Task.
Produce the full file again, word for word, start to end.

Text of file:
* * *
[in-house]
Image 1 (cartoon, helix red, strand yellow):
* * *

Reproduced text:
[in-house]
Image 1 (cartoon, helix red, strand yellow):